Mercy killing or Euthanasia is a topic broadcasting numerous controversies not only in the United States of America but in international legal and medical institutions. Defined as “Suicide accomplished with the aid of another person, especially a physician,” and “The act or practice of ending the life of an individual suffering from a terminal illness or an incurable condition, as by lethal injection or the suspension of extraordinary medical treatment” euthanasia provides the escape for a patient in extreme pain, both emotional and physical. However, society is constantly debating over the morality of the practice with the main question being: Is it truly moral for a person (specifically, a medical professional) to help someone die if the patient is terminally ill, in pain and makes the decision to put an end to the torturous moments? The answer is yes, it is moral and the legal systems should support doctors and nurses in this noble practice by legalizing euthanasia. No one should suffer through a disease that is definitely going to end one’s life but the practice is illegal in majority of countries worldwide. However, this is the case only with voluntary euthanasia as involuntary mercy killing is blatantly a murder crime.
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It is quite interesting and ironic that committing a good deed for another is considered ethically and lawfully illegal. The truth is that euthanasia is not a crime and needs to be stopped being treated as one. The procedure involves a painless injection which peacefully allows a patient to say farewell to this life and others around him or her. When opposing parties condemn euthanasia’s legalization, they forget that as with other rights, one should be able to exercise the right to choose between living and dying when a painful death is inevitable. For example, the constitution gives citizens the right to free speech and with it comes the right to remain silent as well. Similarly, abstinence is practiced by many with the right to vote. Opponents argue that once a life is terminated, so are its future choices, meaning the choice to turn back; however, the targets here are terminally ill patients who have nothing but darkness and pain in their horrifying futures (Humphry, 2005).
In contrast to traditional suicide, assisted suicide should have a higher noble status in society. People who commit suicide practice cowardice by secretly shunning society’s cruelties and injustices and taking their own lives violently. Running away from worldly pressures, these people not only do an injustice to themselves but also to people around them, such as family members and friends. Everyone is left in shock and bewildered at what went wrong in the person’s life. What is more, suicide is not considered a crime, no matter how violently it is attempted or accomplished. Dr. de Jhong states when speaking about euthanasia as an escape for the ill elderly, “Suicide is not illegal, you can always do that. But you need a way. Old people are less mobile and there are fewer good ways. And some of the ways we know are really awful” (Jolly, 2012). In the case of euthanasia, the procedure follows a carefully planned and structured routine, which involves providing therapy for family members ahead of time and helping the patients to bond with friends and relatives (Jolly, 2012).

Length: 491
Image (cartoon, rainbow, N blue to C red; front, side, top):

In his book, Final Exit, Derek Humphry clears misconceptions about euthanasia and supports people who opt for it by educating them and guiding them on the subject, often stressing personal will and control over choices. He states, “If you want personal control and choice over your final exit, it will require forethought, planning, documentation, good friends, and decisive, courageous action by you” (2007, pg. 3). The loved ones are an active part of the entire process and at times, through the bonding and therapy, the patient might even choose an alternative to assisted suicide, willing to try other treatments or simply stay for the sake of the family. However, the imperative issue here is that the choice is entirely the patient’s and even if the assisted suicide is completed, it is done willingly and should be morally accepted. According to researchers and ethical analysts at BBC News Network, “Giving everybody the right to have a good death through euthanasia is acceptable as a universal principle, and that euthanasia is therefore morally acceptable” (2012).
Furthermore, extreme pressure is unfairly placed on the doctors who develop personalized and close relationships with their patients, which is the sign of a great medical professional. They are able to understand what the patients are going through and desire to help them by respecting their decisions. However, they are unable to conduct euthanasia because of its illegality. Those who condemn assisted suicide applaud modern medicine and place it on an unrealistic, idealistic pedestal, claiming that modern advancements in medicine can get rid of the physical pain. Unfortunately, these opposing parties fail to realize that man-made medicine is full of flaws, or side effects, and will never be able to completely alleviate pain. What is more, even if the pain is reduced or vanishes, the emotional pain and unease is extremely difficult to overcome. Deborah Annets, who is the chief executive of Dying with Dignity, a British charity organization for supporters of euthanasia said, “We get so many calls from terminally ill people saying, ‘people just let me die with dignity’ and we are committed to making this a reality” (2006).